Max Page, Ph.D.
Max Page is Professor of Architecture and History at the University of Massachusetts in Amherst. He received his education at Yale University (BA, magna cum laude in History, 1988) and from the University of Pennsylvania (PhD, 1995). He is the author and editor of six books: The Creative Destruction of Manhattan, 1900-1940 (University of Chicago Press, 1999), which won the Spiro Kostof Award of the Society of Architectural Historians, for the best book on architecture and urbanism; The City’s End: Two Centuries of Fantasies, Fears, and Premonitions of New York’s Destruction (Yale University Press, 2008); Building the Nation: Americans Write About Their Architecture, Their Cities, and Their Environment (University of Pennsylvania Press, 2003, co-edited with Steven Conn); Giving Preservation a History: Histories of Historic Preservation in the United States (Routledge, 2003, co-edited with Randall Mason); The Future of Higher Education (Routledge, 2011, with Dan Clawson); Reconsidering Jane Jacobs (Planners Press, 2011, co-edited with Tim Mennell); Campus Guide to the University of Massachusetts (Princeton Architecture Press, 2013, with Marla Miller; and editor of Memories of Buenos Aires: Signs of State Terrorism in Argentina (University of Massachusetts Press, 2013). He writes for a variety of publications about New York City, urban development, and the politics of the past. For the hundredth anniversary of Times Square in 2004, he was curator for an exhibition on the history of the Square at the AXA Gallery in New York City. He is a recipient of fellowships from the Howard Foundation, Fulbright Commission, and Guggenheim Foundation. He has recently been named a winner of the 2013 Rome Prize and will spend the spring of 2014 at the American Academy in Rome. His next book project is entitled Priceless: Rethinking Historic Preservation in the 21st Century.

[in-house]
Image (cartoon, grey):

To reach him, please email firstname.lastname@example.org or visit his personal site, maxpage.us.